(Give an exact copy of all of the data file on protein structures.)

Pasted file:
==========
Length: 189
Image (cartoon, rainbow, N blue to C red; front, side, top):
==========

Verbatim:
Length: 189
Image (cartoon, rainbow, N blue to C red; front, side, top):